Former U.S. Ambassador to the United Nations John Bolton said it’s time for America to realize the Iraq of years past is long gone, and that the best foreign policy going forward would be for the United States to support the Kurds in their quest for independence.
He made the remarks during a chat on Sirius XM with Raheem Kassam and Steve Bannon.
And he spoke of the long-time friendship America’s maintained with the Kurds as part of the reason the United States shouldn’t turn blind eyes to their fight for independence now.
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“The Kurds are one of the largest ethnic groups in the world that has never had a nation in contemporary times,” Bolton explained. “Just two days ago, they held a referendum in Iraqi Kurdistan and voted well over 90 percent for independence. I think the United States should support independence for the Kurds. They’ve been friends of ours in the struggle against Saddam Hussein and the struggle against international terrorism. I think they’d be an important buffer against Iran.”
“And let’s face it: the state of Iraq as we have known it doesn’t exist anymore, and it’s not coming back together,” he added. “The Baghdad government is controlled by the ayatollahs from Tehran. The American strategy to defeat ISIS, which has relied so heavily on the Baghdad government, I think has been a mistake.”
“I think it’s a mistake for the State Department now, as it did before the referendum, to tell the Kurds ‘don’t hold it,’ and opposing now the inevitable consequences. They’re now going to be de jure independent,” said Bolton.
Bolton agreed with Bannon’s salute of the Kurds as a reliable U.S. ally over the past three decades.
“They asked, in early days, ‘please just give us weapons.’ Of course, the Obama administration didn’t want to do that for the longest time. Now we are, and I think that’s right,” he said.
“This referendum has created a new reality. I just don’t see the State Department at this point acknowledging that, even though it benefits the United States,” he lamented.
Bannon said the situation was even worse than that, quoting a New York Times report that the State Department tried to stifle the Kurdish independence vote because it didn’t want to upset Iran and Turkey.
“This is Obama administration thinking, reflecting the obsession with the Iran nuclear deal and not wanting to do anything that might cause problems there, and reflecting the idea that the Turkey of today is the Turkey of 30 or 40 years ago,” Bolton responded.
“During the Cold War, Turkey was a loyal ally of the United States, but under Erdogan, they are moving toward becoming an Islamic state, and unfortunately moving at a very rapid rate,” he said. “Independence for the Kurds in Iraq has implications for the very large Kurdish population, particularly in eastern and southeastern Turkey. That would have worried me 20 years ago. It doesn’t worry me today, given the Erdogan government in Turkey.”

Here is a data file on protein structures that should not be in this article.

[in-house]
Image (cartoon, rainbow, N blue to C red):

“There’s simply no doubt that this will have an impact in Turkey,” Bolton said after Kassam noted the Kurds are a significant element in the European refugee crisis. “I’ve been to that region, that border between Turkey and Iraq, which is entirely Kurdish. The only Turks in that region are the Turkish military. This is a long-standing dispute that goes back centuries.”
“Erdogan has been entirely cynical. He allowed these Syrian refugees free passage across Turkey over the past couple of years to get to Greece, to get into the Balkans, to get into Europe. He knew exactly what he was doing. He was trying to relieve pressure on his own regime. Getting rid of the Kurds for him is maybe even better than getting rid of the Syrians in the refugee camps inside Turkey,” Bolton said.
He said Erdogan has been moving toward making Turkey an Islamic state throughout his presidency, and during his tenure as Prime Minister before that.
“He has successfully purged most of the judiciary of the secular judges who were upholding Kemal Ataturk’s secular constitution,” Bolton noted. “Even before the most recent failed coup attempt, he had been purging the military of secular – at least in their political views – secular generals and replacing them with Islamicist generals. He’s all but said he wants a caliphate.”
“When he was mayor of Istanbul back in the 1990s, he famously said, ‘Democracy is like a streetcar: you ride it to the stop you want, and then you get off.’ I think he’s getting ready to get off, and I think re-establishing the caliphate is definitely on that agenda,” he predicted.
As for the fragile Iraqi state, Bolton said it was important to destroy the Islamic State “caliphate,” while also considering “what the region looks like once we defeat ISIS.”
“Unfortunately, following the Obama administration strategy, which the Pentagon and the State Department are still doing – by expanding control of the current Iraqi government, we’re giving Iran the possibility of an arc of power, a land bridge from Iran to Iraq, to Assad’s Syria, to Hezbollah in Lebanon that threatens Israel and threatens the oil-producing Arab governments of the Arabian peninsula,” he warned.
Bannon said that Iran has effectively gained control of four Arab capitals: Baghdad, Damascus, Beirut, and Sanaa in Yemen.
“Yemen, although it doesn’t get a lot of attention in the United States, people should think of it as a backdoor to the oil-producing countries like Saudi Arabia and the United Arab Emirates,” Bolton advised. “That’s why they’ve focused on trying to destroy the Houthi rebels in Yemen, which are the surrogates for Iran.”
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